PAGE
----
0
We're unable to sign you in at this time. Please try again in a few minutes.
Retry
We were able to sign you in, but your subscription(s) could not be found. Please try again in a few minutes.
Retry
There may be a problem with your account. Please contact the AMA Service Center to resolve this issue.
Contact the AMA Service Center:
Telephone: 1 (800) 262-2350 or 1 (312) 670-7827  *   Email: subscriptions@jamanetwork.com
Error Message ......
ARTICLE |

Subarachnoid Alcohol Block in the Management of Pain of Malignant Disease

D. M. PERESE, M.D.
AMA Arch Surg. 1958;76(3):347-354. doi:10.1001/archsurg.1958.01280210017003.
Text Size: A A A
Published online

Subarachnoid alcohol block is a method meriting the attention of every physician who wishes to control the pain in patients with malignant disease.

In the 1930's, initial reports describing the technique and indications for the procedure were made by Dogliotti,8 Abraham,2 Pitts,27 Groff,15 Owings,24 Saltzstein,31 and Stern.32,33 At the same time, papers by Olmsted22 and Labat18 outlined the mechanism of the action of the alcohol on the nerves.

However, serious complications resulted from the use of subarachnoid alcohol block,4,6,11,23,26,36 and it was difficult to obtain analgesia for longer than six weeks. Therefore, after this period, neurosurgical measures (rhizotomy, tractotomy, lobotomy, etc.) were used to a greater extent than previously to control pain caused by malignant lesions. Table 1 summarizes the significant publications dealing with alcohol block over the past 20 years.

Recently the literature has reflected a new trend, a

Topics

Sign in

Create a free personal account to sign up for alerts, share articles, and more.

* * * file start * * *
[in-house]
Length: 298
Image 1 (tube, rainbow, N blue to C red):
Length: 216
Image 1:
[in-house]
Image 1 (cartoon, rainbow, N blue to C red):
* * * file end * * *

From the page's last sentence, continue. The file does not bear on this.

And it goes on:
Purchase Options

• Buy this article
• Subscribe to the journal

First Page Preview

View Large
First page PDF preview

First Page Preview

View Large
First page PDF preview

Figures

Tables

References

Correspondence

CME
Also Meets CME requirements for:
Browse CME for all U.S. States
Accreditation Information
The American Medical Association is accredited by the Accreditation Council for Continuing Medical Education to provide continuing medical education for physicians. The AMA designates this journal-based CME activity for a maximum of 1 AMA PRA Category 1 CreditTM per course. Physicians should claim only the credit commensurate with the extent of their participation in the activity. Physicians who complete the CME course and score at least 80% correct on the quiz are eligible for AMA PRA Category 1 CreditTM.
Note: You must get at least of the answers correct to pass this quiz.
Please click the checkbox indicating that you have read the full article in order to submit your answers.
Your answers have been saved for later.
You have not filled in all the answers to complete this quiz
The following questions were not answered:
Sorry, you have unsuccessfully completed this CME quiz with a score of
The following questions were not answered correctly:
Commitment to Change (optional):
Indicate what change(s) you will implement in your practice, if any, based on this CME course.
Your quiz results:
The filled radio buttons indicate your responses. The preferred responses are highlighted
For CME Course: A Proposed Model for Initial Assessment and Management of Acute Heart Failure Syndromes
Indicate what changes(s) you will implement in your practice, if any, based on this CME course.
Submit a Comment

Multimedia

Some tools below are only available to our subscribers or users with an online account.

Sign in

Create a free personal account to sign up for alerts, share articles, and more.

Purchase Options

• Buy this article
• Subscribe to the journal

Related Content

Customize your page view by dragging & repositioning the boxes below.

Jobs
brightcove.createExperiences();